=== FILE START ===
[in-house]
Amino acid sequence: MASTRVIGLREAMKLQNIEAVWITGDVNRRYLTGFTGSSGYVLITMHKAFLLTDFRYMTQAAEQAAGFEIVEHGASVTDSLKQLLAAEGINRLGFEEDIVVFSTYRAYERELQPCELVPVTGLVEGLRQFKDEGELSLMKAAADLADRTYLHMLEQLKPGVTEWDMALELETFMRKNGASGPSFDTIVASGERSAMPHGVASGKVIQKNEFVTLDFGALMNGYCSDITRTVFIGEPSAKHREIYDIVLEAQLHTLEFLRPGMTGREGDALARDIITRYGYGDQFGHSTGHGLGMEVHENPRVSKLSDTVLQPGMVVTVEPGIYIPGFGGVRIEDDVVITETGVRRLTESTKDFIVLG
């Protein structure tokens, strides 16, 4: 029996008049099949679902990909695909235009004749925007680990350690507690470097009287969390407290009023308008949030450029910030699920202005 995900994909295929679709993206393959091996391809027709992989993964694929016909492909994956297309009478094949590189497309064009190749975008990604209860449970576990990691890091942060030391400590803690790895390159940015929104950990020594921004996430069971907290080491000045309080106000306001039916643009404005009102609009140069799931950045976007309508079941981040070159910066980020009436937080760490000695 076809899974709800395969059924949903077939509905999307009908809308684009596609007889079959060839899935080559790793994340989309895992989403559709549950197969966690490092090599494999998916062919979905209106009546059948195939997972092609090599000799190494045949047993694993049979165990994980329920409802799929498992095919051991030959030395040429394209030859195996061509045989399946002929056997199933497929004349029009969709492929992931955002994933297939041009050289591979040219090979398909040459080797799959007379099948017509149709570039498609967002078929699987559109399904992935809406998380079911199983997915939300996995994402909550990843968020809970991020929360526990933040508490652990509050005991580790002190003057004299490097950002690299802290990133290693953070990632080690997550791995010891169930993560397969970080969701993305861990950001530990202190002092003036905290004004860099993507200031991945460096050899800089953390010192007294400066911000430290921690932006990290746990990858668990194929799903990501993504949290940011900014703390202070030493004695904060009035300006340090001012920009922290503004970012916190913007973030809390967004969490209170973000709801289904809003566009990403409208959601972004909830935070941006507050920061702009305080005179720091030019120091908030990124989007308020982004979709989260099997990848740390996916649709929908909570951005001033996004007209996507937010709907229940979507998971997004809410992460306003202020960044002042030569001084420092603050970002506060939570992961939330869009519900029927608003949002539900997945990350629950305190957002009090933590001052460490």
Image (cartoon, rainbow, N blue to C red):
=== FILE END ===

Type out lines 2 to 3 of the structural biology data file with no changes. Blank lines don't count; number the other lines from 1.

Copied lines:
Amino acid sequence: MASTRVIGLREAMKLQNIEAVWITGDVNRRYLTGFTGSSGYVLITMHKAFLLTDFRYMTQAAEQAAGFEIVEHGASVTDSLKQLLAAEGINRLGFEEDIVVFSTYRAYERELQPCELVPVTGLVEGLRQFKDEGELSLMKAAADLADRTYLHMLEQLKPGVTEWDMALELETFMRKNGASGPSFDTIVASGERSAMPHGVASGKVIQKNEFVTLDFGALMNGYCSDITRTVFIGEPSAKHREIYDIVLEAQLHTLEFLRPGMTGREGDALARDIITRYGYGDQFGHSTGHGLGMEVHENPRVSKLSDTVLQPGMVVTVEPGIYIPGFGGVRIEDDVVITETGVRRLTESTKDFIVLG
């Protein structure tokens, strides 16, 4: 029996008049099949679902990909695909235009004749925007680990350690507690470097009287969390407290009023308008949030450029910030699920202005 995900994909295929679709993206393959091996391809027709992989993964694929016909492909994956297309009478094949590189497309064009190749975008990604209860449970576990990691890091942060030391400590803690790895390159940015929104950990020594921004996430069971907290080491000045309080106000306001039916643009404005009102609009140069799931950045976007309508079941981040070159910066980020009436937080760490000695 076809899974709800395969059924949903077939509905999307009908809308684009596609007889079959060839899935080559790793994340989309895992989403559709549950197969966690490092090599494999998916062919979905209106009546059948195939997972092609090599000799190494045949047993694993049979165990994980329920409802799929498992095919051991030959030395040429394209030859195996061509045989399946002929056997199933497929004349029009969709492929992931955002994933297939041009050289591979040219090979398909040459080797799959007379099948017509149709570039498609967002078929699987559109399904992935809406998380079911199983997915939300996995994402909550990843968020809970991020929360526990933040508490652990509050005991580790002190003057004299490097950002690299802290990133290693953070990632080690997550791995010891169930993560397969970080969701993305861990950001530990202190002092003036905290004004860099993507200031991945460096050899800089953390010192007294400066911000430290921690932006990290746990990858668990194929799903990501993504949290940011900014703390202070030493004695904060009035300006340090001012920009922290503004970012916190913007973030809390967004969490209170973000709801289904809003566009990403409208959601972004909830935070941006507050920061702009305080005179720091030019120091908030990124989007308020982004979709989260099997990848740390996916649709929908909570951005001033996004007209996507937010709907229940979507998971997004809410992460306003202020960044002042030569001084420092603050970002506060939570992961939330869009519900029927608003949002539900997945990350629950305190957002009090933590001052460490």